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“Russia is learning to mind its limitations; to repel residual nostalgia; and to think straight, putting issues before personalities, and staying focused on its own interests, leaving the empire farther and farther behind,” writes Trenin.
This has certainly not always been the case in Moldova, where Natalia Otel Belan, regional director for Europe and Eurasia at the Center for International Private Enterprise, points to “Russia’s constant meddling” over the last three decades. “Since the beginning, Russia had influenced the country in many ways, primarily by creating ‘crises’ that it would then step in to ‘solve’,” she tells bne IntelliNews. “The most significant example is the long-standing Transnistria conflict. Russia used the conflict to constantly put Moldova’s sovereignty under question and extend its influence on Moldova’s state institutions, legislation and economy, resulting in a generally weak state.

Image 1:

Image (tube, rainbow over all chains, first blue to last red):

“Over the years, Russia used its influence over Moldova as leverage to advance its own interests in the wider region, including in negotiations with the West on other issues, not always related to Moldova,” Belan adds.
She does, however, point out that “there have been signals of a so-called potential geo-political consensus regarding Moldova among Moscow, Brussels and Washington”, that first appeared with the change of regime in June 2019, when Sandu and Dodon briefly joined forces to oust politician and businessman Vlad Plahotnuic, who had managed to capture most of Moldova’s key institutions.
After the latest election, Russia was surprisingly quick to accept the defeat of its preferred candidate. President Vladimir Putin, who has not yet congratulated US president-elect Joe Biden on his victory earlier in November, sent a cordial though not effusive telegram to Sandu. “I hope that your activity as the head of state will contribute to the constructive development of relations between our countries. This would undoubtedly meet the fundamental interests of the peoples of Russia and Moldova,” the message read.